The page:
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LINGUIST List 19.500

Tue Feb 12 2008

Confs: General Linguistics/Germany

Editor for this issue: Stephanie Morse <morselinguistlist.org>

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        1.    Markus Steinbach, Experimental Pragmatics/Semantics

Message 1: Experimental Pragmatics/Semantics
Date: 12-Feb-2008
From: Markus Steinbach <steinbacuni-mainz.de>
Subject: Experimental Pragmatics/Semantics
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Experimental Pragmatics/Semantics
Short Title: EPS

Date: 27-Feb-2008 - 29-Feb-2008
Location: Bamberg, Germany
Contact: Markus Steinbach
Contact Email: steinbacuni-mainz.de
Meeting URL: http://www.zitatundbedeutung.uni-mainz.de/eng/350.php

Linguistic Field(s): General Linguistics

Meeting Description:

Workshop on Experimental Pragmatics/Semantics (EPS)
This workshop takes place as part of the 30th annual meeting of the Deutsche
Gesellschaft für Sprachwissenschaft (DGfS), Bamberg, Germany,
27-29 February 2008.

Further information/program:


In recent years, there is a lively debate on an old issue, namely the proper
distinction between semantics and pragmatics. The background is the classical
Gricean distinction between 'what is said' on the one hand and 'what is
implicated' on the other. But how the boundaries are to be drawn is disputed.
Neo-Griceans such as Horn, Levinson, and Atlas by and large defend the
conceptual value of Griceans Maxims or Principles, Relevance Theorists such as
Carston, Sperber, and Wilson argue against such principles altogether and refer
instead to global cognitive principles. However, there is some common belief
into the underdetermination of propositional structures and the need for their
enrichment, giving rise to notions such as explicature, impliciture, and
pragmatic intrusion. Others, like Cappelen, Lepore, and Borg, defend a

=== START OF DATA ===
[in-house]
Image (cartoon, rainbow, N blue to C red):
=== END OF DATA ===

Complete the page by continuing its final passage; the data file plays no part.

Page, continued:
minimalist view on truth conditions, and attack contextualists like Récanati who
claims that there is a genuine distinction between c-content and i-content to be

From a linguist's point of view, there has always been a regrettable lack of
empirical data in an otherwise sophisticated debate. Recently, a new strand of
research comes in under the name of experimental pragmatics. Experimental
pragmatics is the attempt to gain experimental data on pragmatic issues by using
psycholinguistic and neurolinguistic methods. For example, research has been
done on reference, felicity conditions, scalar implicatures, irony, and
metaphor. One promising aspect of this research is that competing theories on
the semantics/pragmatics distinction such as relevance theory vs. neo-Gricean
pragmatics may be directly tested. Another aspect is that experiments yield
fresh data that can shed a new light on old topics. Furthermore, developmental
aspects such as the acquisition of scalar implicatures, metaphors, or irony may
be pursued.

In this workshop, we bring together scholars interested in the
semantics/pragmatics distinction as well as scholars that are interested in
experimental research. The workshop will appeal to theoretical linguists,
psycholinguists, neurolinguists, and language philosophers. Particularly welcome
are contributions in semantic and pragmatic development as well as studies of
different languages including spoken and signed languages.

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